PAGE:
In Kim Stanley Robinson’s The Ministry for the Future, Disaster Inspires a Meaningful Response to Climate Change

I was excited to have the thoughtful, talented and prolific Kim Stanley Robinson on the latest episode of New Books in Science Fiction to talk about The Ministry for the Future, his sweeping novel about climate change and how people in the near future start to slow, stop and reverse it.

The story opens with a devastating heat wave that kills thousands in the Indian state of Uttar Pradesh. From there, Kim Stanley Robinson pulls back to show us the world’s reaction, taking readers from the eponymous Ministry for the Future (which advocates for new laws and policies, like carbon quantitative easing) to scientists in Antarctica, where glaciologists pump out water from under glaciers to slow their slide into the ocean.

Read excerpts from this episode and my other interviews on Literary Hub.

The book’s kaleidoscope of viewpoints goes beyond humans to include animals, inanimate objects and abstract concepts, like caribou, a carbon atom and history. Robinson also uses multiple forms, from traditional first- and third-person narratives and eyewitness accounts, to meeting notes and history lessons, to riddles and dialogues. The effect is epic, conveying both the complexity of the problem and a wake-up call.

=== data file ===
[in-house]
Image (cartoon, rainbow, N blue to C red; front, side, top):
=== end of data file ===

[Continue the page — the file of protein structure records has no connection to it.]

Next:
“I want to make the very strong point that it’s never game over,” Robinson tells me. “It’s never too late to start doing the right things.”

And the right things add up. The novel spans 30 year, and over that time, the cumulative efforts of individuals, governments, scientists and even terrorists start to reverse the damage.

“Especially for young people, I’m always trying to emphasize that it’s not like we were having fun … in the carbon-burn years and now you’ve got to suffer and live like saints forever. It’s actually that we were obese and hurting and stupid. And now you could be smart and stylish and clever and have more fun.”

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